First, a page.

Five Minute Friday: Tomorrow

Black and white photo of a closely cropped clock face. Roman numerals. Hands pointed to about 12:22.

(So, I’ve been participating in a “writers’ flash mob” of sorts called Five Minute Friday. In response to a one-word prompt, hundreds of writers sit down and write for five minutes flat. No extreme editing; no worrying about perfect grammar, font or punctuation; unscripted and unedited. Here’s today’s edition…setting the timer….)

Five Minute Friday: Tomorrow


I remember driving east along a country road in the late autumn sunshine of November.

The morning sunlight created a strobe effect as it poked its way through the trees lining the highway.

The pulsing bright light only encouraged the tears already forming in my eyes.

I was on my way to a funeral.

The person we were mourning was young.

Younger than I, and I was in my twenties.

But now she was gone.

As I drove along that curvy road, alone, it felt strange that somehow the world was going about its business as if nothing had happened.

I passed cars and trucks traveling in the opposite direction.

Their occupants had places to go, people to see and things to do.

Life goes on.

For her there was no tomorrow, but for others – including me – “tomorrow” had come and turned into “today.”

That was more than twenty years ago.

Twenty years’ worth of tomorrows have come and gone since that day.

I know I took many of them for granted.



7 thoughts on “Five Minute Friday: Tomorrow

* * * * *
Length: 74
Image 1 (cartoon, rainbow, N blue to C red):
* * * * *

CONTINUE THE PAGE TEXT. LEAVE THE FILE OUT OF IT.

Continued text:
1. That was really well written. I lost my Grandpa yesterday, and my niece two weeks ago–she was only 20–and agree with you. We waste too many days. Let’s make them count!
    Visiting from FMF.

    • Amy, I am so very sorry to hear of your loss of two people very important in your life. I’m sure they are both very hard to bear, each in their own way – one of a person who was part of your whole life; the other a person whose life was just getting started. I am offering a prayer for you and your family as you grieve. – Sarah

  2. Sarah, I believe one of the hardest things to come to terms with is when life goes on for us, after someone close to us has died. I have a hard time reconciling that in the middle of grief. I love your takeaway though. We do need to make sure each of our days count. Being purposeful in how we live today. Thank you for this perspective!

  3. Sarah, wonderfully written. I have this insane fear of death (it’s developed really recently)….it puts me in a kind of blind panic where I just see the finite number of days I have left…it’s awful….I think it’s Him addressing my ‘final frontier’…….whatever it is, it’s certainly making me less blase about the value of ‘today’…..have a lovely weekend, Helen xx

  4. Thank you for sharing on FMF. very relatable, I can remember many such drives as if they were yesterday, only to remember that they were many tommorrows ago.

  5. It’s amazing how a tomorrow can turn into twenty years. A young girl at the dinner table said how she wished the year would hurry and be over already (she’s a senior). Her dad replied something to the effect of, “Enjoy these long years while you are young because when you’re older years pass in a flash.” Thank you for sharing. #fmfparty

  6. Thanks for your post, Sarah. Your words are sobering and brought to mind Psalm 90:12, “Teach us to number our days, that we may gain a heart of wisdom.” Blessings to you.

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